Sukkot in Israel is high season for tourism, as visitors from around the world arrive in the Jewish state to enjoy the plethora of cultural and religious festivities surrounding this biblically mandated festival. It is considered one of the happiest times of the year. JNS.org details some of the top events taking place in Israel during Sukkot 2017.
At Sukkot, Israeli farmers say Jewish law, tradition, love keeps them working the land.
Each year in central Israel, Hagai Kirshenbaum personally oversees the export of thousands of etrog fruits. But not this year. This fall marks the culmination of the Jewish shmita (sabbatical) year, which began on Rosh Hashanah in September 2014 and corresponds to the Hebrew calendar year 5775. Though Kirshenbaum’s orchards produced just as many of the yellow citron fruits that Jews around the world will use this holiday season for Sukkot, he projects he will sell only about two-thirds of his usual crop. On average, Israeli farmers export 350,000 etrogim to the U.S. each fall holiday season—but only about 50 percent of that amount on the tail of a shmita year, according to the Israeli Ministry of Agriculture.
There is something special and ironic about seeing the iconic and illustrious yellow etrog growing in the frozen tundra of America’s Mid-Atlantic region during the winter. It seems an impossibility, but Darrell Zaslow of Upper Park Heights, Md., has made it reality. Nestled in greenhouses throughout the greater Baltimore region hundreds of etrog trees with kosher etrogim. The project, which began 20 years ago as an experiment, has blossomed into a hands-on lesson in Jewish law for thousands of visitors each year.
Many observant Jews own a sukkah that they put up every year for the weeklong fall holiday of Sukkot. Renting the temporary structure is a lesser-known option than owning, but is it a growing trend? “We were the first ones to rent sukkahs,” Evan Litton—father of Steven and Jonathan Litton, who run a 15-year-old family business called “Build My Sukkah”—told JNS.org. “We were the innovators in that field. There is a small niche market. Whether it is a real trend or not, I’m not sure, but for us, there is small growth every year.”
In the office or the hospital right after morning minyan and working extended hours, radiation oncologist Jay Robinow has saved hundreds of lives. That’s his day job. Late into the night, Robinow has also saved hundreds of lives, but spiritually rather than physically. Since 2007, he has built and/or expanded more than 150 sukkot for people across the state of Kansas—and profit isn’t the motive of the venture. “Let’s just say this would not be a good case study for the Harvard business school,” Robinow tells JNS.org. “It’s definitely a money-losing business.”
A new message of the sukkah emerges in the light of expanding world terrorism, marked by events such as the tragic destruction of the Twin Towers in New York City. Every house, no matter how solid, becomes a mere sukkah exposed to the storms of human evil. Life is ephemeral and yet every moment becomes precious. Accumulating material wealth loses its point, but whatever moments of meaning we experience are a mark of divine grace, writes Noam Zion, a research fellow at the Shalom Hartman Institute in Jerusalem.
Did Sukkot help shape America’s Thanksgiving? According to one of the foremost experts on American Judaism, Dr. Jonathan Sarna, the biblical holiday did not exactly guide the Puritans’ thinking during colonial times, but they were generally influenced by the idea of thanking God for their bounty. “The Puritans did not believe in fixed holidays,” Sarna told JNS.org. “If it was a good season, they would announce a thanksgiving, but it’s not like the Jewish holiday which occurs on the 15th of the month of Tishrei (Sukkot). They did not believe in that. So in that respect it’s different.”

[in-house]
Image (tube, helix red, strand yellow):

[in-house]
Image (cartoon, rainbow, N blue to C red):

Another High Holidays season is upon us, which means Sukkot is right around the corner. In no time you’ll be ordering your annual bouquet of palm fronds, citrons, myrtle, and willows—the famous Four Species. Given the state of the economy these days, it’s painful to buy anything that you can only use once. Then why not stretch the value of your lulav and etrog this year with a little creative repurposing post-festival? After they can be shaken and blessed no more, try these suggestions presented by JNS.org to get the most out of your Sukkot bundle.
The Sukkah City exhibition in September 2010, much like the temporary dwellings that it showcased, came and went. But a new documentary might make its legacy more permanent. Director Jason Hutt’s “Sukkah City” chronicles the event in phases, including the “jury” debate on more than 600 creative sukkah designs, construction of the 12 winning designs, and a two-day exhibition in New York City’s Union Square. “The film is not just about the holiday of Sukkot, it’s not simply about the sukkah,” Hutt tells JNS.org. “It’s also about how we as Jews continue to find meaning in ancient tradition, and how Judaism is what seems like an endless desk for interpretation and reinterpretation.”
While Sukkot is not associated with specific foods or dishes in the same way as Rosh Hashanah, Hanukkah or Passover are, vegetarian (or, at least, vegetable-based) dishes can still be enjoyed in the humble, makeshift setting of a sukkah, embracing this holiday as a celebration of the garden and of the spirit of impermanence and delicious relinquishment. Mollie Katzen, one of the best-selling cookbook authors of all-time, presents two squash-based dishes for Sukkot: zucchini-ricotta cloud cakes, as well as black-eyed pea, squash, and shiitake stew.